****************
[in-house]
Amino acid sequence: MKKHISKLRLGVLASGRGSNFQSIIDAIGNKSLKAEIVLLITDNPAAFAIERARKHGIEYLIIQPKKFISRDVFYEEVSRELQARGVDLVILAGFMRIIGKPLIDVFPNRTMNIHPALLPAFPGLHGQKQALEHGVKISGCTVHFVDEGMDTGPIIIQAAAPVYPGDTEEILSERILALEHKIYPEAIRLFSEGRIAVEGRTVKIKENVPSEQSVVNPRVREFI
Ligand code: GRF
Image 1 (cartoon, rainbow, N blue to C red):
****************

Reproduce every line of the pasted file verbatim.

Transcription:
[in-house]
Amino acid sequence: MKKHISKLRLGVLASGRGSNFQSIIDAIGNKSLKAEIVLLITDNPAAFAIERARKHGIEYLIIQPKKFISRDVFYEEVSRELQARGVDLVILAGFMRIIGKPLIDVFPNRTMNIHPALLPAFPGLHGQKQALEHGVKISGCTVHFVDEGMDTGPIIIQAAAPVYPGDTEEILSERILALEHKIYPEAIRLFSEGRIAVEGRTVKIKENVPSEQSVVNPRVREFI
Ligand code: GRF
Image 1 (cartoon, rainbow, N blue to C red):